Talk about beating a dead horse


Government attorneys recently told the U.S. Court of Appeals for the District of Columbia Circuit that the Horse Act of 1884 authorizes the Obama administration to regulate tax preparers – requiring them to pass a competency test and take annual education classes.

The IRS’s right to regulate tax preparers is currently being challenged before the appeals court (Sabina Loving et. al. v. Internal Revenue Service, U.S. Court of Appeals for the District of Columbia Circuit, No. 13-5061).

The government attorneys may not have been horsing around.

After the Civil War, many Americans brought war loss claims against the government, often for dead or missing horses. A cottage industry emerged as agents would represent clients for a fee – usually a percentage of the recovery – for pressing war loss claims. Soon many claims were being fraudulently inflated.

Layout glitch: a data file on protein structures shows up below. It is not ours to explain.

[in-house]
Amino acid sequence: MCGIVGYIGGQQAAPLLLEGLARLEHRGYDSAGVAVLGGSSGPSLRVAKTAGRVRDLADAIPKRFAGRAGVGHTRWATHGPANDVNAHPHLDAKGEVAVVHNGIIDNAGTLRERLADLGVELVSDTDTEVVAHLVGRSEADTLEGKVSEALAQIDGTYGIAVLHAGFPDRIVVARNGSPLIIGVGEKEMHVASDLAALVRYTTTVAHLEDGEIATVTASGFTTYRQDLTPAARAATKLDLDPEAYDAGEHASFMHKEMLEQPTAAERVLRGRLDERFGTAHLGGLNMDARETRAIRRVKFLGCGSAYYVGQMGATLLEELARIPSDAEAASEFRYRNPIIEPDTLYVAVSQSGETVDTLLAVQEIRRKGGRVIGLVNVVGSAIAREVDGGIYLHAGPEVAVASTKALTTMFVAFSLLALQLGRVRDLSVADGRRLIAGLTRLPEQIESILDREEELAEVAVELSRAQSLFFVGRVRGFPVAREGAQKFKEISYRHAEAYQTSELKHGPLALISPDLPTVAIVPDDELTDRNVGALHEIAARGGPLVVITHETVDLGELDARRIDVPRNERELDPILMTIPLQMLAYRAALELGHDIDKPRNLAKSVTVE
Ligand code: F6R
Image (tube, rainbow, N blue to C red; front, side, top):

In response, the government began regulating the intermediaries, barring those who were deemed unscrupulous and certifying honest ones as “enrolled agents.” The term is still in use today to describe certain non-attorneys and non-CPAs who have been authorized to represent clients before the IRS.

It remains to be seen whether the appellate court judges will give the IRS regulatory authority a yea or a neigh.

“The income tax law has created more criminals than any other single act of government” – Barry Goldwater